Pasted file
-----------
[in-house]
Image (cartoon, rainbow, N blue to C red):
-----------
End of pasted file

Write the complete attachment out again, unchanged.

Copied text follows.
[in-house]
Image (cartoon, rainbow, N blue to C red):